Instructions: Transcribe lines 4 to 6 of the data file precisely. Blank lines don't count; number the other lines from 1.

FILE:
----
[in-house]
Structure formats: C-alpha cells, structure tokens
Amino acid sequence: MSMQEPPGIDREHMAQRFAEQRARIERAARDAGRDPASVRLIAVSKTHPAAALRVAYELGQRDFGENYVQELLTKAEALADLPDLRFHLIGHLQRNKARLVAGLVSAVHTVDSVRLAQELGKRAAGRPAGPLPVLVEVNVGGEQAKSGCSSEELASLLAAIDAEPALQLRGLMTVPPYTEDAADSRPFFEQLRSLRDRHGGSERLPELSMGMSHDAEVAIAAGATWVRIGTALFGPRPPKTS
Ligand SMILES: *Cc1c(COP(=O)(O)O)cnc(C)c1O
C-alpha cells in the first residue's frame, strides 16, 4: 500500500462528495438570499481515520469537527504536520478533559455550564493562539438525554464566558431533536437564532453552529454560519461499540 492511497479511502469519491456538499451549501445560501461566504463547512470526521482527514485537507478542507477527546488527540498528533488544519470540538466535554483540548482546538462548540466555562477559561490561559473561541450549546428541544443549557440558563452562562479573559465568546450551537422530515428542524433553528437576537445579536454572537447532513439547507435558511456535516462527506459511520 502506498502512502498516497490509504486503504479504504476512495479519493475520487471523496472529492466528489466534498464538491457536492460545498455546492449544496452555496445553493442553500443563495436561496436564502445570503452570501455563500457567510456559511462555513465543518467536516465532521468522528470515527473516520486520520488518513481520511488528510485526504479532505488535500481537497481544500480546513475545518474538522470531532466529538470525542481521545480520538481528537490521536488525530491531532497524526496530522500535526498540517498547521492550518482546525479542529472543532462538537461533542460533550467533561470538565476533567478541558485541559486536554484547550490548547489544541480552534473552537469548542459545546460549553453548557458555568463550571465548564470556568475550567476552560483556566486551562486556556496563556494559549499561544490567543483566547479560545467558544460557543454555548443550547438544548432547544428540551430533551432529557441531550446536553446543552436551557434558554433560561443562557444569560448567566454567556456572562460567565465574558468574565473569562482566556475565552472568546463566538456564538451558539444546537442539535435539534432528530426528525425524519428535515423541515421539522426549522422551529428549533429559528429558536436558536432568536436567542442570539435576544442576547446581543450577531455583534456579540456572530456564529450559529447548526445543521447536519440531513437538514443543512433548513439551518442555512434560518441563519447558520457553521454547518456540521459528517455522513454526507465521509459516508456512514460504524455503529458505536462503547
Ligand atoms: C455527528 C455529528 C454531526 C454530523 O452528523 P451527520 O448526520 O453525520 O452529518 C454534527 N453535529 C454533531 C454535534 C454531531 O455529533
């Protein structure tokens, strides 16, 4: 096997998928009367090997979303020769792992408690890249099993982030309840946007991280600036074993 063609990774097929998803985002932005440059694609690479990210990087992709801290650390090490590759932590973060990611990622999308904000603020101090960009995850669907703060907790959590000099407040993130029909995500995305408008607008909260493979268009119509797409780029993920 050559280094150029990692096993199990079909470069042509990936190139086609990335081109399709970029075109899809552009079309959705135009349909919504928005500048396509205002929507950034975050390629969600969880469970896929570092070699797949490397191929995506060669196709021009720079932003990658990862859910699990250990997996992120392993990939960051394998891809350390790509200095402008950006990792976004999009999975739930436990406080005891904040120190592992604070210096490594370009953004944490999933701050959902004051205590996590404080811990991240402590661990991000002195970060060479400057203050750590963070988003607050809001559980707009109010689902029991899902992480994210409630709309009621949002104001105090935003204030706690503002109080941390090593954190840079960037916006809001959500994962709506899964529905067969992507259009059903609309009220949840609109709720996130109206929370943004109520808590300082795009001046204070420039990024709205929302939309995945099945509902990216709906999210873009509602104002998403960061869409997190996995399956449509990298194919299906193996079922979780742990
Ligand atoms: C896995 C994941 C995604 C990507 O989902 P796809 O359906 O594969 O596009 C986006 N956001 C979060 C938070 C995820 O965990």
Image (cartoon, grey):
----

Ligand SMILES: *Cc1c(COP(=O)(O)O)cnc(C)c1O
C-alpha cells in the first residue's frame, strides 16, 4: 500500500462528495438570499481515520469537527504536520478533559455550564493562539438525554464566558431533536437564532453552529454560519461499540 492511497479511502469519491456538499451549501445560501461566504463547512470526521482527514485537507478542507477527546488527540498528533488544519470540538466535554483540548482546538462548540466555562477559561490561559473561541450549546428541544443549557440558563452562562479573559465568546450551537422530515428542524433553528437576537445579536454572537447532513439547507435558511456535516462527506459511520 502506498502512502498516497490509504486503504479504504476512495479519493475520487471523496472529492466528489466534498464538491457536492460545498455546492449544496452555496445553493442553500443563495436561496436564502445570503452570501455563500457567510456559511462555513465543518467536516465532521468522528470515527473516520486520520488518513481520511488528510485526504479532505488535500481537497481544500480546513475545518474538522470531532466529538470525542481521545480520538481528537490521536488525530491531532497524526496530522500535526498540517498547521492550518482546525479542529472543532462538537461533542460533550467533561470538565476533567478541558485541559486536554484547550490548547489544541480552534473552537469548542459545546460549553453548557458555568463550571465548564470556568475550567476552560483556566486551562486556556496563556494559549499561544490567543483566547479560545467558544460557543454555548443550547438544548432547544428540551430533551432529557441531550446536553446543552436551557434558554433560561443562557444569560448567566454567556456572562460567565465574558468574565473569562482566556475565552472568546463566538456564538451558539444546537442539535435539534432528530426528525425524519428535515423541515421539522426549522422551529428549533429559528429558536436558536432568536436567542442570539435576544442576547446581543450577531455583534456579540456572530456564529450559529447548526445543521447536519440531513437538514443543512433548513439551518442555512434560518441563519447558520457553521454547518456540521459528517455522513454526507465521509459516508456512514460504524455503529458505536462503547
Ligand atoms: C455527528 C455529528 C454531526 C454530523 O452528523 P451527520 O448526520 O453525520 O452529518 C454534527 N453535529 C454533531 C454535534 C454531531 O455529533